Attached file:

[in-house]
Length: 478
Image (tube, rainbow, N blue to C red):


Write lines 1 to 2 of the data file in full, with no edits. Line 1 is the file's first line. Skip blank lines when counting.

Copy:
[in-house]
Length: 478